North Korea bloodbath: How brutal Kim war would ‘dwarf’ bitter conflicts in Middle East

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Yesterday, North Korea’s supreme leader, Kim Jong-un, announced that he believed his country will no longer need to fight wars. This was, he claimed, because of the North’s amassing of a vast arsenal of nuclear weapons guarantees its safety. In a speech recorded by North Korea’s Korean Central News Agency (KCNA), Kim said: “With our reliable and effective self-defensive nuclear deterrent, there will be no more war on this earth, and our country’s safety and future will be secured forever.”

The admission came on the 67th anniversary of the armistice that effectively ended the Korean War.

Kim said that nuclear weapons would allow North Korea to defend itself “against any high pressure and military threats of imperialists and hostile forces”.

For years, North Korea has framed its pursuit of nuclear weapons as purely defensive.

Yet, some experts say the weapons will embolden Pyongyang and allow Kim to adopt a more hostile foreign policy.

This is especially true, for many, given the North’s tendency to jump between friendly and belligerent force.

Just last month, Pyongyang ordered a joint liaison office with South Korea to be blown up in the border city of Kaesong – one of the North’s oldest settlements.

It came as tensions escalated after activists in South Korea launched 500,000 balloons carrying anti-Kim leaflets into the North.

Soon, though, after having taken the “prevailing situation” into consideration, Kim scaled back his plans for military action.

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Despite the monetary break in tensions, experts have previously warned that any war with the North would be utterly devastating.

In his 2018 Vox report, journalist Yochi Dreazen spoke to several North Korean experts and army personnel who had dealt with the dictatorship.

In one instance, he discloses how many concede that a war with Kim would require far more manpower than seen in the likes of the Iraq or Afghanistan wars.

He explained: “Estimates of the exact numbers of US troops that would take part in a push north vary widely, but current and former military planners uniformly believe it would require vastly more forces than took part in the invasions of Iraq or Afghanistan.”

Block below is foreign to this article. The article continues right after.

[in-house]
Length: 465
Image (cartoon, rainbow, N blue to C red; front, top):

Further, a 2016 South Korean white paper said the US would need to deploy 690,000 ground troops to South Korea if war broke out.

Bruce Bennett, a senior researcher at the RAND Corporation who has spent decades studying North Korea and the Kim family told Mr Dreazen that he believes the US would need to send at least 200,000 troops into North Korea.

Of this, Mr Dreazen said: “By way of comparison, that would be significantly more troops than the US had in either Iraq or Afghanistan at the peaks of those two long wars.”

Many believe that Kim would be more than willing to use his vast arsenal of nuclear weapons in the event of war.


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This would result in huge bloodshed on scales never before seen.

In 2017, writing in Foreing Policy, Jeffrey Lewis, an arms-control expert at the Middlebury Institute of International Studies, warned that the North’s military exercises left “little doubt” over the dictatorship’s nuclear intentions.

He wrote: “What is disturbing about the situation, though, is how the war plans of North Korea, South Korea, and the United States might interact.

“North Korea’s military exercises leave little doubt that Pyongyang plans to use large numbers of nuclear weapons against U.S. forces throughout Japan and South Korea to blunt an invasion.

“In fact, the word that official North Korean statements use is ‘repel’.

“North Korean defectors have claimed that the country’s leaders hope that by inflicting mass casualties and destruction in the early days of a conflict, they can force the United States and South Korea to recoil from their invasion.”

Mr Lewis goes on to explain how the US would be naive to think that Kim would not consider committing his country to a “suicidal” nuclear war.

He continued: “While U.S. officials usually bluster that Kim would be suicidal to order the large-scale use of nuclear weapons, it’s obvious that a conventional defence didn’t work for Saddam Hussein or Muammar al-Qaddafi when they faced an onslaught of U.S. military power.

“That was suicide. Of course, that’s where those North Korean ICBMs come in: to keep Trump from doing anything regrettable after Kim Jong Un obliterates Seoul and Tokyo.”

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